June 7, 2008 at 11:12 am
Nice post Benn, you are right invisible is zero . . yet there are days when I would not mind a few hours of “zeroness”.
June 7, 2008 at 11:56 am
“You miss 100% of the shots you don’t take.” The Great One – Wayne Gretzky
June 7, 2008 at 12:09 pm
Sorry it took so long, as I had to break out the 12C to add the anti-spam numbers correctly. 🙂
I always feel like such fraud when people held in such high regard like yourself, speak of me in such positive terms. I’d still be a relatively unknown agent if it wasn’t for the selfless agents long ago who went out of their way to guide me, and sometimes take me to the woodshed. I still remember specific instances when I knew what they’d told me had changed the direction of my career — and my life.
If I stand tall, it’s ‘cuz they’ve allowed me to stand on their shoulders. One of the promises they would always demand from me, was to do for others what they were doing for me. I’ve always viewed making good on that promise as a repayment of the debt I’ll never be able to repay to those mentors.
Looking back, it’s obvious my career would have been far less successful without their constant guidance and, at times, tough love. They were the ones who told me to stop telling them I’d ‘try my best’, and just shut up and do it already. They were long before PC. 🙂
The way you’re giving back Benn, is AgentGenius and the various conferences you instigate or in which you participate. I’ve lost count how many times I’ve taken a nugget and made it my own. Obviously I’m not the Lone Ranger. Hundreds must be doing the same. Your impact has been felt.
June 7, 2008 at 12:15 pm
I love this post, Ben. One of my all-time favorite quotes is from Johathan Swift: “Vision is the art of seeing things invisible.”
June 7, 2008 at 12:19 pm
Oh yea, and this one from Isaac Newton: “If I have seen further than others it is because I stood on the shoulders of giants.”
June 7, 2008 at 12:52 pm
Benn – This is awesome. SO MUCH matters … I am consistently amazed at how important the “little things” really are. (And I will not mention the fact that I waited for 15 seconds for the picture to load…)
June 7, 2008 at 5:07 pm
I shudder to think where I would be without:
Randy Lindemuth – My first broker. He hired me. Shared listings with me. Loaned me money to market myself. Took time to be patient through my post inspection temper tantrums. I’ve never forgotten all he’s done for me. He still barely uses a computer down there in Tulsa. But I wouldn’t have any of the success I have without him.
Jeff Brown – I’ve learned a little, more than a little, from Jeff. But more than anything, and this is 100% serious, I’ve learned that there was someone else out there doing what I do. I was always nervous that I couldn’t find anyone else doing what I do. Was I crazy? Was I out of touch? Would this work long term? I can bounce ideas off him because he’s been where I am. It’s a security blanket, if you will.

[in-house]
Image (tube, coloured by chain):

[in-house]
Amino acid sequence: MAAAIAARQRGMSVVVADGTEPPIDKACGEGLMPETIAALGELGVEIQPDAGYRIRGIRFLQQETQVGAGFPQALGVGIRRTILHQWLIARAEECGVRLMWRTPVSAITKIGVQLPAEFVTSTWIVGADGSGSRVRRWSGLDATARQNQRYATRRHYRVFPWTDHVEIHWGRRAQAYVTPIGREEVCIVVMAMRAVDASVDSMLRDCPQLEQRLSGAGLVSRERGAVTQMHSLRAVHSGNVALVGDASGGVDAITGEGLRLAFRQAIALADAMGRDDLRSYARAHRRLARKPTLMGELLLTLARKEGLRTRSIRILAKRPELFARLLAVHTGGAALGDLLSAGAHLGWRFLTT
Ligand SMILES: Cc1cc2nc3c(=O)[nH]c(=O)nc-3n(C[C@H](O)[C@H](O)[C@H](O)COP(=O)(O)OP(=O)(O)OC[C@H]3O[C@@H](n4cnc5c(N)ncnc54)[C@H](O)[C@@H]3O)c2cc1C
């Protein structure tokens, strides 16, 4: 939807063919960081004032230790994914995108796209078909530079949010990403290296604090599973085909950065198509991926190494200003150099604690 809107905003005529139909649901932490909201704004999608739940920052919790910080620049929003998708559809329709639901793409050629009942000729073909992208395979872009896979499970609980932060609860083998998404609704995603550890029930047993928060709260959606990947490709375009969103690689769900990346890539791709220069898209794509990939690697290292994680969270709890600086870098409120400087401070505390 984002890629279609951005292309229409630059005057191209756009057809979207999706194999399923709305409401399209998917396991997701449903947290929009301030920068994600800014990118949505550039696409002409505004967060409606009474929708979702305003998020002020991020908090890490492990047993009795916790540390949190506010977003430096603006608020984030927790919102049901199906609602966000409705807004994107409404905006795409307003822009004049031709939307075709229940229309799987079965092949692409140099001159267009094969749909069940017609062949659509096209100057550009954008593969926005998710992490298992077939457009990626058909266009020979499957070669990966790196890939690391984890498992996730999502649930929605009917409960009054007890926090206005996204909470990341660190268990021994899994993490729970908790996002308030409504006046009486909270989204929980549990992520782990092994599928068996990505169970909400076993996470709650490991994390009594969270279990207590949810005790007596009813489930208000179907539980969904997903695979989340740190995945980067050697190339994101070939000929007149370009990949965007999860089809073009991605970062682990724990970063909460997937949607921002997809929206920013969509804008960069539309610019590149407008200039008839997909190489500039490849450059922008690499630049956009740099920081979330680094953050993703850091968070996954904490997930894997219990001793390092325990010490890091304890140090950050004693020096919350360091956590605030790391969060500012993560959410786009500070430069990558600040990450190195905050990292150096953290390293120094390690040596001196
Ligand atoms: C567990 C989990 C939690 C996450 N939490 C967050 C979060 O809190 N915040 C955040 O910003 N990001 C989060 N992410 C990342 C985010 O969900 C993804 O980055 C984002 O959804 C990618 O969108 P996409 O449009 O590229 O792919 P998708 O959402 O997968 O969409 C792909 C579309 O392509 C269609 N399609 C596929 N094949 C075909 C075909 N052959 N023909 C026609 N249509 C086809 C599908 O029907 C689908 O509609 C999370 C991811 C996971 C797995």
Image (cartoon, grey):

Laurie Manny – I couldn’t wait to meet here at the Bloodhound event. More than any single individual and possibly more than the sum of all others, she set my path for blogging. Her early Active|Rain posts are classics that most people never go back and read. And then wonder why their blogs/websites don’t generate any clients. Paying clients. It’s a shame.
June 7, 2008 at 8:03 pm
Benn – I would not be blogging or selling real estate today had it not been for the mentors I have had along the way. Many of the people you mentioned have mentored me, both here on Agent Genius and other sites. They don’t even know it, but when they gave back – I was there – taking it all in, weighing their opinion and expertise against what I was currently doing – tweeking, moving forward and hopefully, giving back. Thanks for your wisdom!
June 8, 2008 at 12:26 am
“I don’t know everything…” — Benn Rosales
Oh come now Benn…you’re a Genius! Hehe…
But really, there’s an endless amount of knowledge up for grabs by engaging here or anywhere else for that matter. In business, there’s no substitute for experience. Right? BUT, you learn from your experiences AND the experiences of others. So whether you’re writing or reading someone else’s blog, listen…comment…engage…gain some insight & experience!
June 8, 2008 at 9:57 pm
This post typifies everything that makes Agent Genius, and the larger real estate blogosphere, such wonderful and enriching communities. It is because of posts like this, and the sentiments they express, that I am proud to be a member of both.
June 9, 2008 at 5:45 am
Russell, the Isaac Newton quote has been in my wallet for years. Just had to write it on a new card because the last card had been worn out. Love it.
Thanks for the pick me up this morning, everyone!
Agent for Movoto
December 6, 2010 at 2:18 pm
so true, in all walks of life. thanks for posting!
December 17, 2010 at 2:20 pm
A perfect post for the time of year. A nice reminder how important it is to give back, contribute to and participate in the ENTIRE business we’re in….not just our own little world. Reading this post reiterated to me of how much our business lost this year in Joe Ferrera and Laurie Manny among others. It also reminded me of why we need to work a bit more to show our appreciation for those who are constantly sharing so much. Thanks B!